Does anyone know who first invented the title 'Flight Attendant'? Most of the airline terminology is inherited from the navy e.g. Captain, First Officer and previously Air Stewardess and Air Steward etc.
Hi SFI145, "Femininity in flight" has the following:
But as USA flight attendants were taking the airlines to court in the late 1960s and early 1970s, they found themselves wearing hot pants and other skimpy uniforms, uttering slogans like “fly me” in airline ads, and starring in novels and films such as The Fly Girls and Swinging Stewardesses.
Airline marketing had taken a salacious turn, and pop culture was even more explicit in portraying stewardesses as poster girls of a sexier era. In their unions and a new group called Stewardesses for Women’s Rights, flight attendants protested the exploitive ways they were being portrayed, most of all by their own employers.
Flight attendants directed their growing anger at other argets as well, especially their lack of union autonomy and inattention to their role in passengers' safety and their own on-the-job health concerns. By the end of the 1970s, “stewardesses,” long saddled with harsh employment restrictions, unions beholden to male overseers, and flattery rather than respect, transformed themselves into “flight attendants,” with better career prospects, independent unions, and growing recognition of their safety work.
Where I work, the company started referring to us as Cabin Attendants or CAs sometime in the 1990-ies. We call ourselves stewards and stewardesses.
Doesn't really help us SLFs. If I see the name on a name tag I will use it. If not then I may say "Excuse me miss (or sir)." How do I refer to you though? For instance I may say to one: "The other ?? said....." Is it the other FA, the other flight attendant, the other steward/stewardess? (The other cabin crew member is too long and I know I can say "your colleague" but that is missing the point). In over 40 years as SLF I have got on well with ALL members of cabin crew (except one who said "If you don't like it then phone Richard Branson" before she walked away - and it was only a very minor complaint I made) so I am really asking what is the best generic term which accepted by ALL crew from ALL airlines?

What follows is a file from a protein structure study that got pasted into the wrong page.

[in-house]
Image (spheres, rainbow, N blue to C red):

For us, the profession is called "PNC" (Personnel Navigant Commercial). A PNC can be :
-a Steward (male PNC)
-a Hôtesse (Female PNC)
-a Chef de Cabine (Purser PNC)
-a Chef de Cabine Principal (Chief Purser PNC)
But regardless of rank, all are PNC
Similarly, the pilots are PNT (Personnel Navigant Technique). Then as a PNT you can be a Captain or an OPL (Officier Pilote de Ligne)
Singapore Airlines and Emirates still refer to crew as both cabin crew and steward/ess. Though the official title for EK is "Steward/ess" -it's on the name tags. CSM/OBM/CSD are all Purser. Senior crew at EK are Senior Flight Steward/ess.
As a pax I would say "the other crew" or "your colleague" or refer to them by name if I knew it.